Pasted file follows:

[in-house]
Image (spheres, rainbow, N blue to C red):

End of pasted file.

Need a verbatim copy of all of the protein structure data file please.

[in-house]
Image (spheres, rainbow, N blue to C red):